As a Society, How Far Have We REALLY Progressed?

A long time ago, when we turned on the television, the things that amused us were genuinely funny situations – a touch of slapstick, an embarassing moment, a truly witty comeback.

But when did we start to change?  Turn into the darker culture we are today?

Was it in the late 1960s and early 1970s when the buzzwords peace and love became synonymous with free sex and all the drugs we could ingest?  Maybe it was the 1980s when, as Michael Douglas’s character put it, “Greed, for lack of a better word, is good”?  Or how about the 1990s when television began to push the boundaries of what is normal – nudity, sexual promiscuity, coarse language, and excessive violence?

Does anyone remember a time when seeing someone else’s pain on television shocked and grieved us rather than provided us ammunition to mock, judge, or gossip?  As if our lives were perfect and above reproach?  As if we were in a place to judge?

What was the moment?

We have transitioned into a Now Society, an entitled society – regardless of whether or not we’ve earned it.  We have a do it if it feels good philosophy about everything from politics to religion and we’re oh-so tolerant, as long as others ideals match our own.  We’re critical, yet socially malleable.   We created the rules, broke them, and then re-wrote them.  We have placed high value on individuality, personal choice and freedom, religious autonomy, and finding our inner selves, yet we have no sense of personal responsibility and accountability for these choices.  We have made it painfully clear that our ‘liberal’ way is the only way, which changes every few years as our moral and ethical winds change course.

So let’s gauge our success so far…

We have the freedom to do anything we want with our bodies (and the bodies inside us) whether it is drugs, sex, abortion, over-eating, under-eating, violence, or addiction.  We have the personal freedom to choose any spiritual path we like, in fact, we are encouraged to find all of the answers of this mind-boggling universe…within.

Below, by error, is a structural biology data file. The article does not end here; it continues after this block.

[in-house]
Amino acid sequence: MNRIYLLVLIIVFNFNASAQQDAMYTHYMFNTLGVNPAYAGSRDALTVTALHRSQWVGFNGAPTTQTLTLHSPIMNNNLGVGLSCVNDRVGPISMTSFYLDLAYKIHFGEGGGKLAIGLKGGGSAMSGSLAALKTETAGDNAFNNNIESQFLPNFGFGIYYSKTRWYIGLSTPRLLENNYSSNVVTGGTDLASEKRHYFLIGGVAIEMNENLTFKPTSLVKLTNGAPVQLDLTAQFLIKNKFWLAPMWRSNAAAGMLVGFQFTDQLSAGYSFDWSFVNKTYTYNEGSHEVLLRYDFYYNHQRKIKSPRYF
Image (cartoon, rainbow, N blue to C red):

We are offended when forces we do not comprehend, or even try to, tell us that our choices are immoral or may cause us pain in the future.  We don’t want to hear about God unless we can genericize, homogenize, or simplify Him to our own personal needs, as if we could possibly change something just because there are pieces we don’t want to recognize or accept.  We ignore our consciences or, better yet, deaden them with alcohol, partying, television, work, play – whatever keeps our brains occupied so that we don’t ever have to actually think about the repercussions of the choices we make.  We are The New Justifiers.  We don’t compare ourselves up, we compare ourselves down because it makes us feel better about ourselves.  That’s our new moral compass?  Have we stopped trying?

We are our own universe, we are the makers of our own eternities, and we are all we will ever need…morally and spiritually.  And, as an added bonus, if we don’t get it right the first time, we’re free to come back as many times as we like until we actually get it right.  No judgment and no consequences.

Consequences are reserved for those who offend us, wrong us, rock our  boats, make us feel as if we have done something wrong, or make our lives “uncomfortable”.   Consequences do not, should not, apply to us because we are “good people” and God knows that.  And we’re certainlly better than “them”, right?

With all of the freedoms that we enjoy, personally, socially, and culturally, when we truly take stock in ourselves, are we really a happy, satisfied, better adjusted, and peaceful people?  The bigger question:  are we healthy?  Or has our cultural laziness, gluttony, greed, narcissism, and moral slippage poisoned and deadened our sense of common decency, servitude, and goodness?   Have we become anesthetized to our own shortcomings and mistakes that we simply don’t even notice anymore?

Are we, as a society, pleased with our progress? 

  • Are our schools teeming with educated and responsible students?
  • Have we produced children who are givers and doers?
  • Have we established a responsibility to take care of our generations to come?
  • Do we value family above the almighty dollar?
  • Do we surround ourselves with media that educates, challenges, and stimulates us in a positive way?
  • Do we give back to the ministries and programs that have provided for us?
  • Do we appreciate what we have?
  • Do we have a healthy respect for the lives we have been given?


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